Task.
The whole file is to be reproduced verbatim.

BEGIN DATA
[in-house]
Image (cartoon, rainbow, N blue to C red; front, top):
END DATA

[in-house]
Image (cartoon, rainbow, N blue to C red; front, top):